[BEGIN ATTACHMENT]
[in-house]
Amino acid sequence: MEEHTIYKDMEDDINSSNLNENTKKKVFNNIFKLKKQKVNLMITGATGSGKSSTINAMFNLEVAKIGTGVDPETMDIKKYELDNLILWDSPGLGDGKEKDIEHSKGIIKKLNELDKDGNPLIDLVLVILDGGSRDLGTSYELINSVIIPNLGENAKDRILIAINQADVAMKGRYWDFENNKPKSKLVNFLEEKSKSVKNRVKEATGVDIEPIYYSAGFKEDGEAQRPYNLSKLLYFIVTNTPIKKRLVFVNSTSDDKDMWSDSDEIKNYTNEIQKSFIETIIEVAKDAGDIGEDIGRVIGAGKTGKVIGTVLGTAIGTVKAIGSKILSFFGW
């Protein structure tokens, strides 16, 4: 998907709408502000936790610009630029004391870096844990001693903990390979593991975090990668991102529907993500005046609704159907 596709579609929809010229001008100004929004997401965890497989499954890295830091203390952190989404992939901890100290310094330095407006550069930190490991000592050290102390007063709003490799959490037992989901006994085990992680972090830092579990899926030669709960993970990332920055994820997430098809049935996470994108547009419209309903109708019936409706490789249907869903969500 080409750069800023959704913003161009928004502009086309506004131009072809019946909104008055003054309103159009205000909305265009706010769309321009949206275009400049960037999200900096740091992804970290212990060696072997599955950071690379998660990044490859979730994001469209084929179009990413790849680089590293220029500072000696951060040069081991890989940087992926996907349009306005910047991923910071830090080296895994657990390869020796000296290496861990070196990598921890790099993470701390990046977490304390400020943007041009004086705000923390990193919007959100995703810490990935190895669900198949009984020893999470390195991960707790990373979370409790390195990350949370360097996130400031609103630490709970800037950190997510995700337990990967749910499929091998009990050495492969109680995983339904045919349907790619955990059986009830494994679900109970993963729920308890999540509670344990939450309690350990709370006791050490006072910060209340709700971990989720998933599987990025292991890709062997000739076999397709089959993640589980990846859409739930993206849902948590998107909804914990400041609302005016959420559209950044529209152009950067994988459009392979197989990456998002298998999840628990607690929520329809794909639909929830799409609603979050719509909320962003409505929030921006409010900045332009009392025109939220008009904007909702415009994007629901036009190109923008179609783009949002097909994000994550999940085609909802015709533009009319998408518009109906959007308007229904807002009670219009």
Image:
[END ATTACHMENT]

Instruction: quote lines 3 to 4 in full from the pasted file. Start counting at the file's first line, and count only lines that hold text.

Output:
């Protein structure tokens, strides 16, 4: 998907709408502000936790610009630029004391870096844990001693903990390979593991975090990668991102529907993500005046609704159907 596709579609929809010229001008100004929004997401965890497989499954890295830091203390952190989404992939901890100290310094330095407006550069930190490991000592050290102390007063709003490799959490037992989901006994085990992680972090830092579990899926030669709960993970990332920055994820997430098809049935996470994108547009419209309903109708019936409706490789249907869903969500 080409750069800023959704913003161009928004502009086309506004131009072809019946909104008055003054309103159009205000909305265009706010769309321009949206275009400049960037999200900096740091992804970290212990060696072997599955950071690379998660990044490859979730994001469209084929179009990413790849680089590293220029500072000696951060040069081991890989940087992926996907349009306005910047991923910071830090080296895994657990390869020796000296290496861990070196990598921890790099993470701390990046977490304390400020943007041009004086705000923390990193919007959100995703810490990935190895669900198949009984020893999470390195991960707790990373979370409790390195990350949370360097996130400031609103630490709970800037950190997510995700337990990967749910499929091998009990050495492969109680995983339904045919349907790619955990059986009830494994679900109970993963729920308890999540509670344990939450309690350990709370006791050490006072910060209340709700971990989720998933599987990025292991890709062997000739076999397709089959993640589980990846859409739930993206849902948590998107909804914990400041609302005016959420559209950044529209152009950067994988459009392979197989990456998002298998999840628990607690929520329809794909639909929830799409609603979050719509909320962003409505929030921006409010900045332009009392025109939220008009904007909702415009994007629901036009190109923008179609783009949002097909994000994550999940085609909802015709533009009319998408518009109906959007308007229904807002009670219009």
Image: